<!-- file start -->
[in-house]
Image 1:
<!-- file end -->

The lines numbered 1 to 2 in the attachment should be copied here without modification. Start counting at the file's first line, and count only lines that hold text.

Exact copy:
[in-house]
Image 1: